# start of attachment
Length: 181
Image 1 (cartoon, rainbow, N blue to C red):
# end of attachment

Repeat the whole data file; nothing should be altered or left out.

Length: 181
Image 1 (cartoon, rainbow, N blue to C red):